Today was Father's Day, in both the United States and Japan: 六月の第三の日曜日 (third Sunday in June).
We noted several words for "father", appropriate for different situations, including:
- 父 humble; mentioning your own father to others
- お父さん honorific; addressing your own father or mentioning someone else's father
- 父親 neutral
- アボジ from Korean 아버지
- 親父 your own father or boss; old man; seems impolite. Used in 親父 ギャグ, "dad joke."
The topic drifted to how to refer to someone as old or aged (politely or impolitely). 古い, appropriate only for old things, is out. So what's in?
- 年寄り, a noun for old people and the aged. 年 means "year" and 寄 means draw in, collect; so 年寄り is close to "reeling in the years." It also has a special meaning for retired sumo wrestlers.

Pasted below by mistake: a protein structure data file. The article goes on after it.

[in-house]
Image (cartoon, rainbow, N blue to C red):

- 引退, a suru verb for retiring from work. The kanji mean "pull" and "retreat/withdraw". Sumo also uses the term 引退相撲 for a retirement ceremony exhibition match.
- 定年, retirement age: literally "fix/decide" and "year". No bargaining here.
- 隠居 also means retirement, but literally "hidden living". 居 is part of a word used all the the time, but usually as kana only: いる (to exist)